Traveling in Tibet isn’t easy, and it isn’t cheap. But it is, hands down, one of the most unique and visually stunning places I think I’ve ever been to (and I’ve been everywhere).
If, like me, you’ve been obsessed with Tibet since you were a child and have suffered through Brad Pitt’s awful accent in 7 Years in Tibet more times than you care to admit, you should definitely put this place on your radar.
Here’s how to make it happen.
Find a Tour Company
You can’t travel to Tibet independently—the only way to see it is with a registered tour company. The one we went with was Tibet Vista, organized by Nellie Huang of Wild Junket, and they were great. Our guide was knowledgeable and fun, and also happened to be a total BABE, so that didn’t hurt either.
Other tour companies we saw on the tourist trail included Beautifully Tibet Heavenly Journey (I know, weird name), and Budget Tibet Tours.
If you’re traveling through Kathmandu, there are several tour companies based in Thamel who can help you schedule a tour. You’ll need a special “Group Tour Visa” that will only apply to those flying in/out of Kathmandu.
Organize Your Paperwork
If you’ve arranged a tour ahead of time, you’ll need to organize a few things for your tour company, most notably your Chinese visa. I went through the embassy in New York which was a little bit of a nightmare, but I ended up with a 10-year, multiple entry visa that made things better.
To avoid having this cancelled by visiting Tibet, I had to enter Lhasa from Chengdu (mainland China) rather than Kathmandu, where I was.
You’ll need to give your tour company a copy of your passport, a copy of your visa, as well as your inboud/outbound travel details. They should be able to do almost everything else on your behalf.
Pack for Cold and Mount Everest Base Camp
I could and probably will do an entire post on EBC and how to pack for it. Most tours to Tibet will visit Everest Base Camp, which never gets warm. It is cold here, and very windy, so a windproof jacket and thermal leggings or pants are essential. To Everest Base Camp, I wore: fleece-lined leggings under my jeans, a long-sleeve top, a sweater, and a windproof jacket on top. I still wish I had brought a hat, gloves and a head torch.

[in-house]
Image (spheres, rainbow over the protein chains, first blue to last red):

In Lhasa and other cities at slightly lower elevation, it doesn’t get as cold, but you’ll never dip below 3500 meters above sea level so there’s almost always a chill in the air.
Bulk Up Your Budget
You’ll use the Chinese RMB in Tibet, and most things will cost you twice what they would in mainland China, like Chengdu, for example.
You should be prepared to spend around 60-70 RMB ($8-10) per meal for a standard meal with a drink (the same meal would cost 30 in Chengdu). Your hotel rooms will likely be included in the cost of your tour so you shouldn’t have to worry about that. You won’t get to choose where you stay.
Buying souvenirs depends on how well you can bargain, but in general, prayer beads will cost 100-200 RMB and prayer flags 10-50 depending on size.
They don’t tip servers or cab drivers in Tibet, but you will be expected to tip your tour guide and your driver, roughly 10% of the cost of your tour.
Prepare Yourself Mentally
There are things I loved and hated about Tibet. I loved the people and the scenery and learning more about Buddhism and its rich history here. I hated the politics, the oppression, the fact that you’re traveling on a very well-worn tourist track where you’re never alone, and the conditions of the squat toilets (OH. MY. GOD.).
Traveling to Tibet means encountering a fair amount of things that make you uncomfortable and having to be okay with that.
If you’re prone to altitude sickness, know that there’s a good chance you can spend the majority of your time here feeling physically awful, especially for the first few days (most people acclimatize after five days).
If you’re on a group tour, you’ll probably be paired up to share a room with someone you don’t know.
Not all of your meals will be great. Most won’t, probably. And if you don’t eat yak or aren’t prepared to try it, you’ll be really limiting your options food-wise.
You kind of have to prepare yourself to deal with all of these things, and to just be okay with it. Travel in Tibet isn’t for the faint of heart, and it certainly isn’t for whiners or complainers—traveling here takes a fair amount of grit but comes with many rewards.
Would you travel to Tibet?